Those errors were fixed in a second version of the terrorism report, released June 22. But six Democratic senators, suggesting that the administration was manipulating terrorism statistics for election-year political gain, asked Secretary of State Colin L. Powell to find out what had gone wrong, prompting the investigation by the inspector general. A copy of the inspector general's conclusions, marked "sensitive but unclassified", was obtained by The Times.
The annual report has been mandated by Congress since 1987 as the government's primary reference tool on worldwide terrorist activity, trends and groups and the U.S. response to them.
The investigators, overseen by the State Department's acting inspector general, Cameron R. Hume, stopped short of calling for a second revision of the widely circulated report. But they concluded that the report, even in its revised form, "cannot be viewed as reliable" because of the questionable statistics on terrorist attacks, casualties and other issues. The report urged better oversight and management of the annual terrorism report card.
A State Department spokesman declined to comment publicly on the internal report, but said the department had no plans to review or reissue the 2003 "Patterns" document a second time. The official said the State Department already was moving to overhaul the way it compiled terrorism statistics.
"We think it's best to just move on, and make sure we fix what needs to be fixed," the official said.
On Friday, Sen. Patrick J. Leahy (D-Vt.), one of the lawmakers who requested the investigation, said the lack of objective benchmarks to measure terrorist activity jeopardized the campaign against terrorism.
"Either through indifference or incompetence … these errors have damaged the credibility of this important assessment, undermining our ability to determine what policies and programs are effective in fighting terrorism," Leahy said.
A senior congressional official said the inspector general's findings confirmed what experts had been saying for years — that the annual "Patterns" report was seriously flawed as a tool to measure progress in the war on terrorism or analyze the rapidly changing nature of terrorism.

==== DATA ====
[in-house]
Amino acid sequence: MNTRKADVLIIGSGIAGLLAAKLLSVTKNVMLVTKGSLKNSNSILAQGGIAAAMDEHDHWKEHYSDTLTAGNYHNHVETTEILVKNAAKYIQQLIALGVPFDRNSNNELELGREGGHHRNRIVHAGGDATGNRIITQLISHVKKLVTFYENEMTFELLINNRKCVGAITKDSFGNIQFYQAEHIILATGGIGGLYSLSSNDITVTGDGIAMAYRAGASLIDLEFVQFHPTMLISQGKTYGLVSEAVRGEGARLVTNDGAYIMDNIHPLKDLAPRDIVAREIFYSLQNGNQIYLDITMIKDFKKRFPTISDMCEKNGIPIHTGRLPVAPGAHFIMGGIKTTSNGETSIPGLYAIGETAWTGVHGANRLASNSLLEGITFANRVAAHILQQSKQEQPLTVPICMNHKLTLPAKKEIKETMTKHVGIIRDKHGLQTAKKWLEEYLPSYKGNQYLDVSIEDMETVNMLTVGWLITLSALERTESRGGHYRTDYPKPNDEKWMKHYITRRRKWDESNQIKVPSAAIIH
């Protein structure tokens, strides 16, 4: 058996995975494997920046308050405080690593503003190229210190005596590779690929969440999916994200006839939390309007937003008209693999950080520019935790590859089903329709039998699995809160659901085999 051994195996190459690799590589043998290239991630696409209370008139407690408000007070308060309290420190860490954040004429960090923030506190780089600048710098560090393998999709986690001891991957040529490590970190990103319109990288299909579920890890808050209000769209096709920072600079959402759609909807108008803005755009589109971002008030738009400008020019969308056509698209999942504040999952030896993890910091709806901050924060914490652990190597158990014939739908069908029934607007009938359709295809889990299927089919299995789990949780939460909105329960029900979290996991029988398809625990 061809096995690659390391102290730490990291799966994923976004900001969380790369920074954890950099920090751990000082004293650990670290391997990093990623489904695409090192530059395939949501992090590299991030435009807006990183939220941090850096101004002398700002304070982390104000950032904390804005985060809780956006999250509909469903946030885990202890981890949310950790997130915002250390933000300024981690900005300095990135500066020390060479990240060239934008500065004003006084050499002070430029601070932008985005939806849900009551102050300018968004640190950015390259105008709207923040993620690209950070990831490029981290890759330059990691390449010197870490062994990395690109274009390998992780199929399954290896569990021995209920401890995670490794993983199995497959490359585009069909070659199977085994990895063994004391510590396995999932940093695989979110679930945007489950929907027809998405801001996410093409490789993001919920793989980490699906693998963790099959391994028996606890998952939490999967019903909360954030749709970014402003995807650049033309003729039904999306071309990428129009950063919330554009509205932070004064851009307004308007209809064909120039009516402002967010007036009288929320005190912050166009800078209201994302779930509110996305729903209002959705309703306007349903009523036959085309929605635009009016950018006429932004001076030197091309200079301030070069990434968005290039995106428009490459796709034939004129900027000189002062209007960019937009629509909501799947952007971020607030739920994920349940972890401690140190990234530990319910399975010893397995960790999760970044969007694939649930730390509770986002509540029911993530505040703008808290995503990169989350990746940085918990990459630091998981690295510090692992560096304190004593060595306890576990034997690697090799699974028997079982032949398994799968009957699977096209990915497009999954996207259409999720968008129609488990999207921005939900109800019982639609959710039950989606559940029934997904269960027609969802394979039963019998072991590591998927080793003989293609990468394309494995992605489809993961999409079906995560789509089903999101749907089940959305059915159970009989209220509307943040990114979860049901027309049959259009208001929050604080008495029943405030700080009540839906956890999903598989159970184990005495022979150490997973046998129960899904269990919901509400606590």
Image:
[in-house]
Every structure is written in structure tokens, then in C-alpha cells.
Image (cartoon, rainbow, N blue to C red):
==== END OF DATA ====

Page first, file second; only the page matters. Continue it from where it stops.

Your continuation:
"We become the laughingstock if we redo it. But [not doing it] poses a serious credibility problem," said the official, a terrorism analyst on Capitol Hill. "This determines where we put our resources, what we tell other countries, what we think the trends are. And this just ruins our credibility. People just don't trust us anymore."
Michael Kraft, a senior counter-terrorism official in the State Department until earlier this year, defended the annual "Patterns" report as immensely valuable, and said it was almost impossible to be entirely accurate given all of the variables that went into analyzing terrorism.
"It's not always easy. The numbers themselves don't always mean a great deal. They have to be put in context," Kraft said. "Even with the best of efforts — and a lot of time and work goes into it — there is always going to be a certain amount of fuzziness."
In their internal report, State Department investigators pinned much of the blame for the 2003 problems on the transition to the government's new interagency Terrorist Threat Integration Center, which last year took over from the CIA responsibility for the terrorism database used to compile statistics for the annual report.
During the transition, investigators concluded, there were gaps in data entry, inadequate oversight, staff shortages and personnel changes that resulted in a lack of trained, long-term employees. In particular, the CIA-based manager of the database unit left in December 2003, but was not replaced until April 2004.
Kraft described many of the problems as "teething pains" inevitable in a new agency.
But investigators identified more systemic shortcomings, particularly a long-standing failure by the State Department, CIA and other agencies to use consistent standards to identify and classify terrorism-related events.
For example, some multiple bombings in the same city — such as bomb attacks March 25, 2003, on four U.N. police stations in Pristina, Serbia, and attacks on two embassies in Caracas, Venezuela, on Feb. 25 — were counted as single terrorism incidents.
But grenade attacks on two targets in Kashmir on April 12, and bomb attacks on two synagogues in Istanbul on Nov. 15, were each listed as two terrorism incidents.
Additionally, some items were included or dropped without apparent reason. The discovery of an explosive device at an IBM facility in Italy on March 31 was deleted without explanation from the second version of the 2003 report. But a parcel bomb hidden in a book that was sent to the Greek Consulate in Madrid on Sept. 8 was added to the revised version.
Investigators said no records or minutes were kept to explain how these decisions were made. Thus officials "could only speculate on why some events were included or not included," according to the report.
Meanwhile, there appear to be obvious inconsistencies within the revised 2003 report, said another congressional staff member.
Among them: the corrected report lists 2,738 people as casualties of international terrorist attacks in 2002 in one section, but 3,072 casualties in a separate statistical review.
Long-standing guidelines, meanwhile, have not kept pace with changes in terrorism.
The report considers international terrorism to be violence against noncombatant targets by subnational groups or clandestine agents and which involves citizens of two or more countries.
This effectively omitted countless incidents in Chechnya, and more recently in Iraq, even though the Bush administration contended that Iraq was now at the heart of the terrorism war.